Dear Father’s Day Fan, My book club is reading INCENDIARIES by R.O. Kwon and it is truly an outstanding debut novel.  Written from the perspectives of three Korean Americans, this 224-page book studies the impact of religious fervor on the lives of three young people.  Will is a scholarship student at a prestigious university (perhaps Yale?) where he meets Phoebe, also a student who is in mourning for her mother who died in a car accident caused by Phoebe.  John Leal, a former student, has returned to campus after having been jailed by the North Korean government while leading a humanitarian rescue mission. Their lives intersect when Leal forms a revolutionary group and recruits Phoebe, despite Will’s misgivings.   Soon we begin to question who is the narrator and - most importantly –
can we believe him/her?  Ultimately, we are left doubting everything we have read.  Recommended!

Friday, June 7, 2019


Dear Great Book Guru, I just checked my calendar of special events and noticed next week is Bloomsday.  Do you know of any local celebrations of this Joycean wonder?                    Bloomsday Bon Vivant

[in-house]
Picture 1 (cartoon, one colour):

Dear Bloomsday Bon Vivant, The James Joyce Jaunt is the event for you! As most of my readers know, Bloomsday is celebrated every year to commemorate the day James Joyce’s ULYSSES takes place: June 16, 1904.  Joyce spent most his life in self-imposed exile, but he wrote obsessively about one place and one place only - his birthplace: Dublin, Ireland.  In ULYSSES, we follow three main characters through day into night- seeing and experiencing Dublin as they did. But ULYSSES is more than the portrait of one city on one day - it is also a study of the epic wanderings of the Greek hero Odysseus (Ulysses) - mocking the wanderings of the most unlikely of heroes: Leopold Bloom.  On Wednesday, June 12 at 7pm the James Joyce Society of Sea Cliff led by Fred Stroppel and Dan DiPietro will walk the streets of Sea Cliff/Dublin stopping at parallel locations along the way. Beginning at the Sea Cliff Water Tower/Martello Tower, the group will stop among other places: Still Partners/Davey Byrnes Pub, Headless Park/Nelson’s Pillar, Memorial Park/Sandymount Strand and finish up 76 Main Avenue/7 Eccles Street. There will be dramatized readings by costumed actors at each of the stops with period music throughout.  If you are planning on attending the James Joyce Jaunt, stop by 76 Main Avenue to pick up a handy guide to this iconic event. Copies will be in a basket on the porch.  Highly recommended!